Are you a refugee? My new black friend asked me as we sat to eat our lunch during break time. Although my highschool was a racially mixed school, there was clear segregation during break times. Everyone just sat with their racial group by choice. There were ofcause mixed race groups of friends on the school field but it seemed majority were more comfortable with thier own racial group. On the first break, I sat with my new white friends and they asked me so many questions about my hair and home country. I decided to sit with my new black friends during second break to see what they’re like aswell.
So after being asked if I was a refugee by my own kind, I looked at her, not sure what to say, feeling a mixture of disbelief and amusement at how unaware people can be. Ignorance is a harsh word to use, but I concluded she just had the perception that all black foreigners were refugees. She had not spoken to me much before now. Infact, we just met during the day. What a great way to start your first school day in South Africa, I thought to myself.
I then went on an explanation spree explaining how my parents were invited to come an work in South Africa due to exceptional skills in their fields of work. To which she became apologetic for her prior misconception. Fast forward to 5 years later, we became best of friends. I concluded that people’s perceptions are a reflection of themselves.
Our perceptions of people and things are shaped by what we are exposed to, upbringing, moral values, cultures and understanding of things. However, misconseptions are faulty opinions based on an incorrect way of understanding something. Thanks to social media, what we perceive online is not entirely the truth aswell, even more so than seeing someone in person. I can testify to this. Just the other week, I was going through a rough patch and just really trying to stay afloat, when a friend of mine sent me a text saying how she really envies me because I’m just doing so well and looking really great ( This was based on the new profile picture I put up, mind you I took this picture in January😂) I sat there thinking, well, I don’t exactly feel how she says I feel or at the time looked like she thought I looked. She formed her opinion based on what she saw and I guess I don’t blame her.
Just like one of my lecturers had the misconception that I was Muslim based on the fact that I denied having a meal during an event in our department. It was the season of Ramadan and it just so happened that we had a church fast during a Ramadan week. I did not want to say I was fasting so I politely turned down the meal. A Muslim class mate of mine also turned down the meal and said it was a period of fast for Muslims. So our lecturer apologised to us both saying the caterers forgot some students were Muslims. She did not seem to consider that perhaps I’m of a different religion. So to her, fasting and Muslims went hand in hand. And Christianity ke?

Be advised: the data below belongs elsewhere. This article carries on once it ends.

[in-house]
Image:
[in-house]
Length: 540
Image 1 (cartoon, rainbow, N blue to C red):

South Africa, being a rainbow nation is a very interesting place to live in. However due to thier history, each race group has their own perception of how the others are. And so even though I did not experience any of it, other race groups still pass the same judgements towards me based on the colour of my skin till they get to know me. So while at the shop with an elderly white family friend a few weeks ago, I experienced this kind of misconception. The elderly lady ran into a white friend of hers and jokingly introduced me as her daughter. I looked at her friend as she greeted me excitedly but also with much uneasiness unsure how to properly reply.
I immediately knew what she was thinking. Her body language gave it away. ” Aww an adopted African child! Let me be extra nice. I’m sure she’s so grateful to be in a better place now. How come her English is so good though😬?”. Trust me, naaaaaa, by the time we got talking and she got to realise I don’t need any pity looks she adjusted and became more amazed than anything. She probably could not understand what 2 African girls ( My sister and I) could be doing with an elderly white woman, if we were not adopted.
All these experiences taught me a few things about human perceptions and misconceptions.
- To hold my conclusions about anything I see online from anyone. People show you the side they want you to see. So becoming envious over anyone on social media is just a waste of time. Infact, envy in general. It is better to have admiration for someone, because then you can learn something from them. But envy leads to jealousy and it’s downhill from there.
- To ask questions if I am unsure about anything, when it comes to understanding someone I’ve never met or even someone I know well.
- To hold back judgement in every circumstance when dealing with people of a different race, culture or religion. All they know is all they’ve been exposed to.
- When people have misconceptions about you, don’t take it to heart. They may just perceive differently due to their background. Try to remain calm and either ignore the situation or use that moment to educate them and correct their faulty understanding.
And finally, things are not always as they seem!
P.s My ethical clearance for research has finally come through, so I have begun data collection for my masters project, hence the slight disappearance. I’m excited to finally begin the study! yay! When you pray, please include me in your prayers that all will go well! Thank you 😊